Sudanese Forces Open Fire on Anti-coup Protesters, Killing and Wounding Dozens

At least seven died in what activists describe as one of deadliest days in the capital Khartoum since the October military coup

Send in e-mailSend in e-mail
Sudanese rally against the October military coup, south of the capital Khartoum, on Monday.
Sudanese rally against the October military coup, south of the capital Khartoum, on Monday.Credit: - - AFP

Sudanese security forces opened fire on protesters Monday, killing at least seven people and wounding around 100 others in the country's capital in one of the deadliest days since an October military coup, activists said.

Earlier Monday, thousands had once again flooded the streets of Khartoum and elsewhere in Sudan to denounce the Oct. 25 military takeover that scuttled hopes of a peaceful transition to democracy. The coup came more than two years after a popular uprising forced the removal of longtime autocrat Omar al-Bashir and his Islamist government in April 2019.

The turmoil has been amplified after Prime Minister Abdalla Hamdok stepped down earlier this month. Hamdok, the civilian face of Sudan’s transitional government, resigned after his efforts to bridge the gap between the generals and the country’s pro-democracy movement failed.

Monday’s deaths bring to at least 71 the number of people killed in near-daily demonstrations in Khartoum and other cities and towns in Sudan.

A security and defense committee formed under the ruling council commended security services on Monday for their "restraint" and protection of civilians, paying tribute to a police officer killed in protests on Thursday.

It said in a statement that it would establish an anti-terrorism force to counter "potential threats", without elaborating.

Footage circulating online shows protesters, mostly young people, marching in the streets of Khartoum and its twin city of Omdurman. There were also protests in Port Sudan, Wad Madani Obaid and the western Darfur region.

“I'm here today to resist the military coup," said protester Hamed al-Ser. “We hope our free revolution reaches the democratic civilian path.”

Activist Nazim Sirag said seven protesters were killed when security forces opened fire to break up several marches in the capital, including in the area around the presidential palace. He also said many people were wounded by gunshots.

The Sudan Doctors Committee, which is part of the pro-democracy movement, also reported the deaths and said around 100 protesters were wounded in Khartoum.

Sudanese protester holds a tear gas fired by security forces during a rally near Khartoum, on Monday.Credit: - - AFP

The pro-democracy movement condemned Monday’s deadly shootings and called for a two-day civil disobedience campaign over the security forces' actions.

Faisal Saleh, a former information minister and Hamdok's advisor, said the killings were “a full-fledged crime,” and urged the international community to act.

“The Sudanese people do not face an arbitrary government or authority, but rather a criminal gang that kills the youth of Sudan in cold blood, and the whole world is watching,” Saleh wrote on Twitter.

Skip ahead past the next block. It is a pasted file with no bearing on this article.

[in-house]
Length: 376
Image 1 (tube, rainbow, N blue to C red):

The fatalities will likely further complicate UN efforts to find a way out of the ongoing crisis. The UN mission in Sudan started holding separate consultations earlier this month with various Sudanese groups, including the military, to “prepare the ground for a process capable of securing agreement ... on the way forward for the democratic transition in Sudan.”

The United Nations and Western governments have widely condemned the crackdown on protesters, and called for those responsible be held accountable.

The demonstrations are called by the Sudanese Professionals Association and the Resistance Committees, which were the backbone of the uprising against al-Bashir. The two groups reject negotiations with the military, insisting it hand over power to a fully civilian government to lead the transition.

The generals, meanwhile, reject the protesters’ demands, saying that power will be handed over only to an elected government.

Reuters contributed to this report.

Click the alert icon to follow topics:

Comments

SUBSCRIBERS JOIN THE CONVERSATION FASTER

Automatic approval of subscriber comments.

Subscribe today and save 40%

Already signed up? LOG IN

ICYMI

Palestinians search through the rubble of a building in which Khaled Mansour, a top Islamic Jihad militant was killed following an Israeli airstrike in Rafah, southern Gaza strip, on Sunday.

Gazans Are Tired of Pointless Wars and Destruction, and Hamas Listens to Them

Trump and Netanyahu at the White House in Washington, in 2020.

Three Years Later, Israelis Find Out What Trump Really Thought of Netanyahu

German soldier.

The Rival Jewish Spies Who Almost Changed the Course of WWII

Rio. Not all Jewish men wear black hats.

What Does a Jew Look Like? The Brits Don't Seem to Know

Galon. “I’m coming to accomplish a specific mission: to increase Meretz’s strength and ensure that the party will not tread water around the electoral threshold. If Meretz will be large enough, it will be the basis for a Jewish-Arab partnership.” Daniel Tchetchik

'I Have No Illusions About Ending the Occupation, but the Government Needs the Left'

Soldiers using warfare devices made by the Israeli defense electronics company Elbit Systems.

Russia-Ukraine War Catapults Israeli Arms Industry to Global Stage